Glenn Lindgren: Texas de Brazil is a family owned restaurant "collection" with multiple locations, including three in their home state of Texas. To make it work at every location, quality control is essential, and at Texas de Brazil they do it right.
Jorge Castillo: Yes, the packaging is beautiful, but the food is truly the star of the show here.
Glenn Lindgren: Texas de Brazil is another entry in a growing list of Brazilian churrascarias serving traditional rodizio -- specially grilled meats that are delivered to you right at the table.
Jorge Castillo: The tradition is almost as old as Brazilian ranching. The gauchos or cowboys would hold periodic feasts for their families and friends.
Raúl Musibay: Just like we do with our annual pigroasts.
Glenn Lindgren: The meat would be slow cooked on a spit over an open fire. As the meat cooked, the gauchos would slice thin pieces from the skewers and serve them to the party goers.
Raúl Musibay: Texas de Brazil is all about meat. They have their own team, of "gauchos" who bring roasted meats fresh off the grill to your table.
Jorge Castillo: And they keep bringing them until you tell them to stop.
Glenn Lindgren: They make it easy with a little card you keep by your plate. The green side means "keep it coming," the red side means "OK, enough already!"
Raúl Musibay: We've heard of people bringing vegetarian friends to this restaurant, and they do have a great salad bar.
Glenn Lindgren: However, with so much meat constantly parading by, your vegetarian friend is either going to run from the restaurant screaming, or better yet, soon convert to meat loving normality.
Raúl Musibay: Let's talk about the meat.
Friendly "gauchos" serve you a selection of meats at your table. We catch them here in the kitchen.
Glenn Lindgren: One of my favorites is the house specialty, Brazilian Picanha, a delicious top sirloin cap steak served either salted and grilled or soaked in a great garlic marinade.
Jorge Castillo: One surprise was a nice version of pork ribs, with a traditional smoky tomato-based barbecue sauce, a selection that is definitely more Texas than Brazil.
Glenn Lindgren: A little note on the protocol here -- don't worry, your waiter will explain everything -- the meats are brought to the table on skewers. With some of the items, such as the Brazilian sausage, your server will simply slide the meat off the skewer and onto your plate. For meats that need to be sliced, each diner is provided with small tongs. As the server begins the slice, you use the tongs to hold onto the slice. It's really a lot of fun.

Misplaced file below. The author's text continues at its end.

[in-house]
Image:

Raúl Musibay: It's very easy to fill yourself up at the salad bar, it's very good.
Glenn Lindgren: Calling it a salad bar doesn't do justice to the quality of the offerings. This "salad bar" offers a couple dozen nice prepared dishes everything from Brazilian black beans and rice, to French soft cheeses, to artichoke salad and hearts of palm.
Jorge Castillo: The night we went they also had smoked salmon and delicious Brazilian style pepper salami.
Glenn Lindgren: They really take the salad bar to new heights with portobello mushrooms, an excellent tabbouleh salad, pasta salad with zucchini, hearts of palm, and lightly grilled peppers just to name a few.
Jorge Castillo: So enjoy the salad bar, but be sure to pace yourself!
Raúl Musibay: The filet mignon is very tender and like all of the meats is very juicy and flavorful.
Glenn Lindgren: All of the meat is prepared with a liberal coating of salt or a highly salted marinade. If you have an aversion to salt, they will prepare any of the meats the way you like them.
Jorge Castillo: That's one area where Texas de Brazil really stands out. Your waiter or waitress gives you a lot of personal attention and service.
Raúl Musibay: They really go all out to make sure the food is exactly the way you like it.
Jorge Castillo: Everything comes with sides of sweet plantain, garlic mashed potatoes, and some really appetizing cheese-filled bread rolls.
Glenn Lindgren: We'd like to see more seafood on the menu, and not just as an a la carte item.
Jorge Castillo: A grilled salmon would be great.
Glenn Lindgren: They do serve a shrimp cocktail and an Australian cold water lobster tail for an additional price, but we doubt many people take the seafood plunge with so many great meats here in abundance.
Raúl Musibay: If at the end of the evening you still have room for dessert, go for it.
Jorge Castillo: They serve several nicely presented desserts guaranteed to send you from the restaurant with a nice sugar high.
Glenn Lindgren: The Brazilian papaya crème served with a layer of liqueur floating on top is a great way to balance out your evening of eating salted Brazilian meats.
ATMOSPHERE: On the dressy side.
PRICES: Fixed price: Recently $50 at dinner, cheaper at lunch.
HOURS: Lunch: Daily 11:00 a.m. to 3:00 p.m. | Dinner: 5:00 p.m. to 10:00 p.m. Sunday - Thursday | 5:00 p.m. to 11:00 p.m. Friday & Saturday
CARDS: American Express, Diners Club, Discover, Mastercard, Visa
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